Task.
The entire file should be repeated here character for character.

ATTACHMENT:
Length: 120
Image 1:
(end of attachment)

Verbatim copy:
Length: 120
Image 1: